Nets owner Joe Tsai said on Twitter on Friday that he met with Kyrie Irving and his family and does not believe that the point guard is antisemitic.
Tsai said the meeting took place on Thursday with his wife, Clara Wu Tsai, in attendance.
“Clara and I met with Kyrie and his family yesterday,” Tsai tweeted. “We spent quality time to understand each other and it’s clear to me that Kyrie does not have any beliefs of hate towards Jewish people or any group.”
The Nets suspended Irving for at least five games without pay on Nov. 3 after he linked to an antisemitic film on his Instagram and Twitter accounts on Oct. 27.
Irving initially didn’t apologize for linking to the film but issued an apology on his Instagram account hours after the Nets suspended him.
General manager Sean Marks said during a news conference on Nov. 4 that Irving’s apology was a positive step but that he would need to do more to rejoin the team.
The Nets laid out a multi-point plan for Irving to complete before returning, which includes sensitivity and antisemitic awareness training, meeting with local Jewish leaders and Tsai, and making a $500,000 donation to anti-hate organizations.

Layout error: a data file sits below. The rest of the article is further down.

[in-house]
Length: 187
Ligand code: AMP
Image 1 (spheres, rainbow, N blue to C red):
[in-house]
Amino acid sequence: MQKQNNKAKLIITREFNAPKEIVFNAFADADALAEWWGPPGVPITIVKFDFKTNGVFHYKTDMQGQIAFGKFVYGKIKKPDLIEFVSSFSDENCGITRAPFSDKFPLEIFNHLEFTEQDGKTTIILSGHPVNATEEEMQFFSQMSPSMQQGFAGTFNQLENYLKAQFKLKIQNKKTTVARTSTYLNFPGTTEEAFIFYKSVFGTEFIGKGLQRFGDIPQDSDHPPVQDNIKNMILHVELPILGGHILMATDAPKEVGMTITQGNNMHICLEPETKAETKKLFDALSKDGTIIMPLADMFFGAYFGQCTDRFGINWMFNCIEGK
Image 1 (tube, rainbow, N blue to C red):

Irving met with NBA commissioner Adam Silver on Tuesday. Silver told attendees at the Sports Business Journal dealmakers conference in Washington on Thursday that he does not believe Irving is antisemitic.
Silver added that Irving has “a process that he’s going to now need to go through.”
“The Nets and Kyrie, together with the NBA and NBPA, are working constructively toward a process of forgiveness, healing and education,” Tsai tweeted Friday.
The fifth game of Irving’s suspension is Saturday afternoon, when the Nets play in Los Angeles against the Clippers. They will play the Lakers in Los Angeles on Sunday night.
During his media availability Friday morning at the Nets’ practice facility, coach Jacque Vaughn repeatedly was asked if Irving could rejoin the team on its four-game West Coast trip. Vaughn said there was “no update” on Irving’s status.
On Friday, the National Basketball Players Association tweeted: “We have been working closely with Kyrie, the Nets organization and the NBA to develop a plan moving forward through forgiveness, understanding and healing.”
After Tsai’s initial tweet, Jonathan Greenblatt, CEO of the Anti-Defamation League, wrote on Twitter that he is “very encouraged by the progress that’s been made” and thanked all involved “for their openness and willingness to work toward a positive outcome.”